Presentation Archive

Transient resonances in extreme mass ratio inspirals

Tanja Hinderer

October 18, 2010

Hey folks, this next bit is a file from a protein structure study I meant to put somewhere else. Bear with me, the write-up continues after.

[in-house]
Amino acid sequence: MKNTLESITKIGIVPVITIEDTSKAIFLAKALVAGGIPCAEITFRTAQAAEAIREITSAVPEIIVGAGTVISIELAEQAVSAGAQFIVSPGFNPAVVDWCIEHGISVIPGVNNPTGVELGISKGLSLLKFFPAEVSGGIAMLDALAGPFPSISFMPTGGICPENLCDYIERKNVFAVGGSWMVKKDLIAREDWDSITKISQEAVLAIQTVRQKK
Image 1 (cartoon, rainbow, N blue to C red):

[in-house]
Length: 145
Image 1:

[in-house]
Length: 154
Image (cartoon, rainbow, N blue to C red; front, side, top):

Abstract: The two body problem in general relativity, in the highly relativistic, extreme mass-ratio regime for spinning black holes has a qualitatively new feature which is not seen in the weak-field limit: the effects of transient resonances. These resonances occur when the ratio of polar and radial orbital frequencies, which is slowly evolving under the influence of gravitational radiation reaction, passes through a low order rational number. At such points, the adiabatic approximation to the orbital evolution breaks down, and there is a brief but order unity correction to the inspiral rate. The effects of resonances make orbits more sensitive to changes in initial data and give rise to corrections to the gravitational wave signal’s phase which scale as the square root of the inverse of mass of the small body, and thus become large in the extreme-mass-ratio limit, dominating over all other post-adiabatic effects. Our results apply to an important potential source of gravitational waves, the gradual inspiral of compact objects into much more massive black holes. It is hoped to exploit observations of these sources to map the spacetime geometry of black holes. However, such mapping will require accurate models of binary dynamics, which is a computational challenge whose difficulty is significantly increased by resonance effects. From numerically evolving fully relativistic orbital dynamics supplemented with an approximate, post-Newtonian self-force, we estimate that the resonance phase shifts will be of order a few tens of cycles for mass ratios $sim 10^{-6}$.